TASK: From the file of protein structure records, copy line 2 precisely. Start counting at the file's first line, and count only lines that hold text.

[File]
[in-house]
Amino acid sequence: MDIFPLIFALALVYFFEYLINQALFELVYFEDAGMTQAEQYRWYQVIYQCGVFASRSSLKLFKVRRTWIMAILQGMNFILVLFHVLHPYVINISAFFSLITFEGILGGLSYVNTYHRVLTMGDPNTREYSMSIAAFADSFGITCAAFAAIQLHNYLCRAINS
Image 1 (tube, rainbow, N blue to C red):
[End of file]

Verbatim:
Amino acid sequence: MDIFPLIFALALVYFFEYLINQALFELVYFEDAGMTQAEQYRWYQVIYQCGVFASRSSLKLFKVRRTWIMAILQGMNFILVLFHVLHPYVINISAFFSLITFEGILGGLSYVNTYHRVLTMGDPNTREYSMSIAAFADSFGITCAAFAAIQLHNYLCRAINS